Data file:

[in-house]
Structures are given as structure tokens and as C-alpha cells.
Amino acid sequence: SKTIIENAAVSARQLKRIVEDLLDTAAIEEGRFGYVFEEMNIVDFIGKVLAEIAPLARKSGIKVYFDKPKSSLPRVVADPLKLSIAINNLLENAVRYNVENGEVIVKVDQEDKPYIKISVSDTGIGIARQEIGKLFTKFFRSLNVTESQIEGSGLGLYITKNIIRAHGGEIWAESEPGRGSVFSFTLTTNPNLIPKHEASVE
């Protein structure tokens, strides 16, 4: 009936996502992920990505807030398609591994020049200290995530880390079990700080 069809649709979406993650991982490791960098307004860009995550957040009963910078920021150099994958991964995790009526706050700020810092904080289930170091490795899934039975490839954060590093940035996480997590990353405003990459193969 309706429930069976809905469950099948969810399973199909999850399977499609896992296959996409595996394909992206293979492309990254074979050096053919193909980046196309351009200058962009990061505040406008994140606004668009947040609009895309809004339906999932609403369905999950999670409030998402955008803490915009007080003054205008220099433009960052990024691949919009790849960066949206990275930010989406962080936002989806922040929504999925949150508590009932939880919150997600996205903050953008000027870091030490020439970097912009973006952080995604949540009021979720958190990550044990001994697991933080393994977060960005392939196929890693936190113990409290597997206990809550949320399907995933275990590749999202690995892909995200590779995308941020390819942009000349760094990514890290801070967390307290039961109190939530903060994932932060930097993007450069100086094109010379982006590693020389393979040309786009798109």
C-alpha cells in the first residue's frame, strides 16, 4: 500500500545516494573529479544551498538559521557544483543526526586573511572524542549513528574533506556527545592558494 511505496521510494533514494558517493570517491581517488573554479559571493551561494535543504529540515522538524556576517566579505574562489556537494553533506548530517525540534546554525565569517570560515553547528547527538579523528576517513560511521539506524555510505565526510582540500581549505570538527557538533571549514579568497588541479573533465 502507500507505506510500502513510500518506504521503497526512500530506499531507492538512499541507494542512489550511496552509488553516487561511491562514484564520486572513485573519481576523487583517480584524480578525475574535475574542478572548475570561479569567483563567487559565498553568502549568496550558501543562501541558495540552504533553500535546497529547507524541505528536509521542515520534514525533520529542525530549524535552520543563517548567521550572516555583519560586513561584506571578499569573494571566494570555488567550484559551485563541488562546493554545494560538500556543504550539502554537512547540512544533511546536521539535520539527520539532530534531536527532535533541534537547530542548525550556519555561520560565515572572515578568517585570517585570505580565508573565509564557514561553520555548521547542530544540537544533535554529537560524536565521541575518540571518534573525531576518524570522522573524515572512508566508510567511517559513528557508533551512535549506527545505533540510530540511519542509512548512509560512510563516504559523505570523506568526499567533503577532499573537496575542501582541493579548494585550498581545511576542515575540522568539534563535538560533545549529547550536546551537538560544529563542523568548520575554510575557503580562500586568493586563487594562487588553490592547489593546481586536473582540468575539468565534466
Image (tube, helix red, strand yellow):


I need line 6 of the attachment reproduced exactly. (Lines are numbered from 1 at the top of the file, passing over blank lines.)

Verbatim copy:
Image (tube, helix red, strand yellow):